Current Season

“Always … Patsy Cline” by Ted Swindley


DWU - Patten-Wing Theatre, Hughes Hall

7:30 p.m. on Sept. 25, 26 and Oct. 2, 3 

2 p.m. on Sept. 27 (homecoming weekend) and Oct. 4


$12 General Admission

$5 DWU Students, Staff, Faculty

Click here to purchase tickets


“Always...Patsy Cline” is based on the true story of Patsy Cline's friendship with Houston housewife Louise Seger.

Having first heard Cline on the “Arthur Godfrey Show” in 1957, Seger became an immediate and avid fan of Cline's and she constantly hounded the local disc jockey to play Cline's records on the radio.

In 1961 when Cline went to Houston for a show, Seger and her buddies arrived about an hour-and-a-half early and, by coincidence, met Cline who was traveling alone. The two women struck up a friendship that was to culminate in Cline spending the night at Seger's house – a friendship that lasted until Cline's untimely death in a plane crash in 1963.

The relationship, which began as fan worship evolved into one of mutual respect. It is the kind of relationship that many fans would like to have with their heroes.

Over a pot of strong coffee, the two women chatted about their common concerns. When Cline finally left for Dallas, her next job, the two women had exchanged addresses and telephone numbers. Seger never expected to hear from Cline again, but soon after she left, Seger received the first of many letters and phone calls from Cline. The pen-pal relationship provides much of the plot of the show.

The play focuses on the fateful evening at Houston's Esquire Ballroom when Seger hears of Cline's death in a plane crash. Seger supplies a narrative while Cline floats in and out of the set singing tunes that made her famous – “Anytime,” “Walkin' After Midnight,” “She's Got You,” “Sweet Dreams,” and ”Crazy” – to name a few.

The show combines humor, sadness and reality. It offers fans who remember Cline while she was alive a chance to look back, while giving new fans an idea of what seeing her was like and what she meant to her original fans.



“Spiders in the Night”
Written by DWU alumnus James Van Oort

(Original Drama)

DWU - Patten Wing Theatre, Hughes Hall

7:30 p.m. on Nov. 11, 12, 13, 14, and 2 p.m. on Nov. 15


$7 General Admission

$2 DWU Students, Staff, Faculty

This intense drama deals with the dysfunctional relationship between a father and his estranged, adult daughters, years after the death of their mother. What secret does he have and can he repair the damage caused by years of cruelty before his own time on earth comes to an end. Written by DWU alumnus James Van Oort; this production will be DWU’s entry into the 2016 Kennedy Center American College Theatre Festival.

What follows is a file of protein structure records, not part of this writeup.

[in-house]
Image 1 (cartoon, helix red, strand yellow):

“Women of Lockerbie” by Deborah Brevoort


DWU - Equitem Theatre-in-the-Round, Hughes Hall

7:30 p.m. on Feb. 25, 26, 27, and 2 p.m. on Feb. 28


$5 General Admission

$2 DWU Students, Staff, Faculty

A mother from New Jersey roams the hills of Lockerbie Scotland, looking for her son's remains that were lost in the crash of Pan Am 103. She meets the women of Lockerbie, who are fighting the U.S. government to obtain the clothing of the victims found in the plane's wreckage. The women, determined to convert an act of hatred into an act of love, want to wash the clothes of the dead and return them to the victim's families. “The Women of Lockerbie” is loosely inspired by a true story, although the characters and situations in the play are purely fictional. Written in the structure of a Greek tragedy, it is a poetic drama about the triumph of love over hate.








Music by Stephen Schwartz

Book by John-Michael Tebelak.

DWU - Sherman Center

7:30 p.m. on April 8, 9, 15, 16; and 2 p.m. on April 10 and April 17


$12 General Admission

$5 DWU Students, Staff, Faculty


“Godspell” was the first major musical theatre offering from 3-time Grammy- and Academy Award-winner Stephen Schwartz (“Wicked,” “Pippin,” “Children Of Eden”); and it took the world by storm. Led by the international hit, “Day By Day,” “Godspell” features a parade of beloved songs including “Prepare Ye The Way Of The Lord,” “Learn Your Lessons Well,” “All For The Best,” “All Good Gifts,” “Turn Back, O Man” and “By My Side.”


A small group of people help Jesus Christ tell different parables by using a wide variety of games, storytelling techniques, and hefty dose of comic timing. An eclectic blend of songs ranging in style from pop to vaudeville is employed as the story of Jesus's life dances across the stage. Dissolving hauntingly into the Last Supper and the Crucifixion, Jesus's messages of kindness, tolerance, and love come vibrantly to life.


Boasting a score with chart topping songs, a book by a visionary playwright (John-Michael Tebelak), and a feature film, “Godspell” is a sensation that continues to touch audiences.


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